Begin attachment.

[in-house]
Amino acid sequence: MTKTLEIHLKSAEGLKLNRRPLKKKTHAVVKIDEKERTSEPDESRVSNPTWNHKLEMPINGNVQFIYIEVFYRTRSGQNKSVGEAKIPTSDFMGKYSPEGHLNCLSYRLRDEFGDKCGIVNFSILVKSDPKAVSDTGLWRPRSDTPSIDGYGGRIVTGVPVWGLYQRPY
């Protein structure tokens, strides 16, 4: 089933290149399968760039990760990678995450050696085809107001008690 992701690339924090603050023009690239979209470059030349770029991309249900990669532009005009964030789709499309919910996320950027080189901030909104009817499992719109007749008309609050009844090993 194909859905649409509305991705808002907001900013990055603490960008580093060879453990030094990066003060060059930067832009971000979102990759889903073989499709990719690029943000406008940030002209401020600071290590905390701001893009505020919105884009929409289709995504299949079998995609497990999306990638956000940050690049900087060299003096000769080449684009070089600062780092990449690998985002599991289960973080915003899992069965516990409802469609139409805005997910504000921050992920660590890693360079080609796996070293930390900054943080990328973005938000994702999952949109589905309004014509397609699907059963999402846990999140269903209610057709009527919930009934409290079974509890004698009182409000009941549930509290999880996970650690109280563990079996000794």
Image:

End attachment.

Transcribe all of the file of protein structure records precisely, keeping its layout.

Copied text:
[in-house]
Amino acid sequence: MTKTLEIHLKSAEGLKLNRRPLKKKTHAVVKIDEKERTSEPDESRVSNPTWNHKLEMPINGNVQFIYIEVFYRTRSGQNKSVGEAKIPTSDFMGKYSPEGHLNCLSYRLRDEFGDKCGIVNFSILVKSDPKAVSDTGLWRPRSDTPSIDGYGGRIVTGVPVWGLYQRPY
């Protein structure tokens, strides 16, 4: 089933290149399968760039990760990678995450050696085809107001008690 992701690339924090603050023009690239979209470059030349770029991309249900990669532009005009964030789709499309919910996320950027080189901030909104009817499992719109007749008309609050009844090993 194909859905649409509305991705808002907001900013990055603490960008580093060879453990030094990066003060060059930067832009971000979102990759889903073989499709990719690029943000406008940030002209401020600071290590905390701001893009505020919105884009929409289709995504299949079998995609497990999306990638956000940050690049900087060299003096000769080449684009070089600062780092990449690998985002599991289960973080915003899992069965516990409802469609139409805005997910504000921050992920660590890693360079080609796996070293930390900054943080990328973005938000994702999952949109589905309004014509397609699907059963999402846990999140269903209610057709009527919930009934409290079974509890004698009182409000009941549930509290999880996970650690109280563990079996000794």
Image: